Asthma


It is a chronic disease of the large and medium-sized airways of the lungs, which are called bronchi. It consists of inflammation due to irritation of the bronchial tubes, which in an asthmatic attack, can go into spasms and the membranes that cover them inside become red and inflamed and an excessive amount of mucus is also produced.

The swelling, coupled with the extra mucus, makes it hard to breathe, so the chest expands violently in an effort to take in air and the diaphragm pushes out. This effort is translated into a respiratory noise that is called fatigue.

Under normal conditions, the bronchi are smooth and dilated, with pink membrane walls. Inside the healthy bronchi, there are cilia, which look like tiny hairs, which are in motion, which are responsible for displacing mucus. In this way, the air enters and leaves without producing any noise.

It has been discovered that this disease is caused by an allergic reaction, which in turn is caused by a genetic predisposition of the individual to environmental exposure. This means that asthma is a reaction to a stimulus, that is, when the person inhales mites, pollens, molds, tobacco smoke, among other things that can cause allergic reactions, he suffers irritation and inflammation of his airways. , a process that translates as asthma.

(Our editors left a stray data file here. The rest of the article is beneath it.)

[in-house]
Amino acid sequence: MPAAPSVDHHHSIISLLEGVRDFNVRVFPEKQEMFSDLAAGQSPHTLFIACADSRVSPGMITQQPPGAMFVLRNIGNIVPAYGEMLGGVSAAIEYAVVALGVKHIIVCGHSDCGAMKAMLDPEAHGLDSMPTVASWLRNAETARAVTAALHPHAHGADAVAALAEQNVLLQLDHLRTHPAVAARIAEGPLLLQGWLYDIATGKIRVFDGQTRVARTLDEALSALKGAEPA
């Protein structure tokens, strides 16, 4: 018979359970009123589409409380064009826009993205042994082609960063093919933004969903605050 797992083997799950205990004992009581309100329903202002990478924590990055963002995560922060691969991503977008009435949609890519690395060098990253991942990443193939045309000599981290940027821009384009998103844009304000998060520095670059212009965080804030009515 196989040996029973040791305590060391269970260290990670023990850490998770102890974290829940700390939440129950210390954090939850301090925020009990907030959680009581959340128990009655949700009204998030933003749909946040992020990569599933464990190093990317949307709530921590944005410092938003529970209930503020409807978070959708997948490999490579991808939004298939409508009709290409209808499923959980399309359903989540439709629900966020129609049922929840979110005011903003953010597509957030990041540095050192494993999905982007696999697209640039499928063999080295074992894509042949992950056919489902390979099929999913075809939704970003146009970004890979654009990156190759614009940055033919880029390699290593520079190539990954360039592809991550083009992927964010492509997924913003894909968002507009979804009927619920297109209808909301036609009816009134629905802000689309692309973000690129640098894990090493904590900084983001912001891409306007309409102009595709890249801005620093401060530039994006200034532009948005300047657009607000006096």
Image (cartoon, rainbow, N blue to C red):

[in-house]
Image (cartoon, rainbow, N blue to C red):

In addition, there are other elements that can trigger an asthmatic attack, such as cold air, physical exercise, strong emotions (such as anger or fear), and even medications such as aspirin and beta-blockers.

Unlike most allergies, which have a variety of symptoms, asthma maintains symptoms based on shortness of breath (producing bluish lips and drowsiness), fatigue, cough, and muscle tension in areas around the neck and neck. the ribs, due to the effort they exert to take in air.

When a person presents the symptoms of asthma, it is said that he is experiencing an asthmatic attack, where a distortion in breathing occurs. Normally, a person completes their air aspiration process and once it is finished, expiration automatically begins. Under an asthmatic attack, expiration is not so automatic, since the obstructed airways block the exit of air, which causes the person to breathe at the maximum of their lungs.

Asthma is not communicable, but despite this its frequency is very common, especially in children. It is estimated that some 235 million people have asthma in the world.